Cannabinoid Profile – Δ9-THC

Posted: December 18, 2013 in Cannabis, History, Science
Tags: , , , , , , , ,

See an updated version of this post on The Leaf Online,Cannabinoid Profile – THC!

I will be working to update and expand all of these posts with  time and as I come across more research, if you know of anything I may have missed please bring it up.

Hope you enjoy learning about the medicinal and recreational benefits of THC; remember, all use is medicinal use. There  is no way to stop that THC from preemptively fighting your cancer, even if you ‘just wanna get high’ you’re still medicating.

THC

Formula: C21H30O2
Molecular Mass: 314.2246g/mol

Decarboxylation Point: ????
Boiling Point: 157 °C (315 °F)

LD50 (Lethal Dose): 150 lb person would need to eat 1 pound of 50% pure THC hash in one sitting to overdose, ~1260mg/kg (Compare to Nicotine: for mice – 3mg/kg for humans – 40–60 mg/kg) [More on Δ9-THC’s LD 50 can be found here.]

While Δ9-THC is the most common cannabinoid in most plants it is not the only THC in cannabis, it is joined by THCa, THCv, and Δ8-THC, as well as a slew of other cannabinoids, including CBD and CBG. Δ9-THC is the primary psychoactive compound that has been identified in the cannabis plant, though other trace cannabinoids may be psychoactive and many more modulate how THC effects the body. Δ9-THC is the cannabinoid responsible for the fabled munchies that cannabis users speak of; ironically THCv, it’s chemical relative, is being researched as an appetite suppressant (more on that in a future blog).

Therapeutic Uses

Analgesic – Relieves pain.

Anti-Emetic – Reduces vomiting and nausea.

Anti-Proliferative – Inhibits cancer cell growth.

Antioxidant – Prevents the damage of oxidation to other molecules in the body.

Antispasmodic – Suppresses muscle spasms.

Anxiolitic – While not fully recognized as an anxiolitic compound THC does seem to assist in the anxiety associated with PTSD.

Appetite Stimulant – Δ9-THC is the only cannabinoid identified that is an appetite stimulant, giving people the stereotypical “munchies” many users describe.

Euphoriant – Produces feelings of euphoria, promotes happiness and relaxation.

Neuroprotective – Slows damage to the nervous system and brain.

Currently Being Studied For

Cancer: THC has been shown to halt the growth of tumors, and in some cases shrink them, through various methods not fully understood. In one recent case study, an infant suffering from a brain tumor experienced a 90% reduction in tumor size over a year of twice a day use of hemp oil. Veteran cancer researcher Donald Tashkin, in the largest controlled study of its kind, found that daily smoking of THC-rich cannabis resulted in lower instances of cancer than in the general population of nonsmokers! Think about it; all smoking causes cancer by creation of benzopyrene, but despite that THC is a strong enough anti-proliferative to prevent more cancer than the smoking causes. Fun Fact: Burning ANY organic matter creates benzopyrene. This means that barbeque, toast, and even grilled vegatables can give you cancer.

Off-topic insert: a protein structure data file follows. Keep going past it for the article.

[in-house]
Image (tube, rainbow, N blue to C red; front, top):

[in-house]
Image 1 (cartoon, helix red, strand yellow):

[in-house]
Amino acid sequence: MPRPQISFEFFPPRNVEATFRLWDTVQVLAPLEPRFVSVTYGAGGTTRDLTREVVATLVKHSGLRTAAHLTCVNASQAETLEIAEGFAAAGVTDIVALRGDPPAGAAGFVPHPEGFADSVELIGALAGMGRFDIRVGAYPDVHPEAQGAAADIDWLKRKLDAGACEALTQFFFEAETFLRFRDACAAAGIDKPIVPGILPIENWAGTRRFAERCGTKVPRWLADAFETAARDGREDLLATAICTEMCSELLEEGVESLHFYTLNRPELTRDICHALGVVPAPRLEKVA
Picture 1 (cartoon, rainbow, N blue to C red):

Pain Management: THC has been shown to have great prospect in treating chronic pain because it seems to change “the way the nerves function.” THC also has been studied heavily for its use in treating neuropathic pain, including the pain associated with HIV and  cancer. Recent studies seem to agree that THC changes how we feel pain and makes it more bearable. It is not a pain killer in the sense that it numbs the ability to feel pain, instead it seems to raise an  individual’s pain tolerance making the same amount of pain less significant.

Anorexia Nervosa: THC shows great promise in reversing the weight loss associated with anorexia in studies on mice as well as humans. Even the synthetic cannabinoids dronabinol and marinol have been demonstrated to help with weight loss.

HIV/AIDs: Aside from assisting with the pain and nausea that often are associated with HIV/AIDs, THC directly fights the virus in unique ways that have only recently been identified. A 2012 study shows THC assisting in HIV treatment by its activation of CB2 receptors and CD4 receptors. Cannabis affects our body by interacting with our endocannabinoid system, the CB2 and CD4 receptors are a part of that system. A study from earlier this year expands on the role of THC in combating HIV through its activation of CB2.

Post Traumatic Stress Disorder: Though THC is not commonly considered a treatment for anxiety it has shown promise for anxiety, specifically with Post Traumatic Stress Disorder.

Gastrointestinal Inflammation: THC lowers the incidence of blockages and other gastrointestinal inflammation associated with use of NSAID anti-inflammatory drugs. THC “protects against diclofenac-induced gastric inflammatory tissue damage at doses insufficient to cause common cannabinoid side effects.” A recent survey of Irritable Bowel Disorder sufferers found that 1/6 use THC-rich cannabis to treat the inflammation.

Halent 2011 - Cannabinoid and Terpenoid Chart

References:

  1. Steep Hill Lab, Cannabinoid and Terpenoid Reference Guide; http://steephilllab.com/resources/cannabinoid-and-terpenoid-reference-guide/
  2. Skunk Pharm Research, Cannabinoid and Terpene Info; http://skunkpharmresearch.com/cannabinoid-info/
  3. SC Labs, Meet the Cannabinoids; http://sclabs.com/learn/learn-cannabinoids.html

*Note: Decarboyxlation – A chemical reaction that removes a carboxyl group and releases  CO2, often triggered by heat.

 

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